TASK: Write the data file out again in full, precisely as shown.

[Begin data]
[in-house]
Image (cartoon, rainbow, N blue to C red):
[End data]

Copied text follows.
[in-house]
Image (cartoon, rainbow, N blue to C red):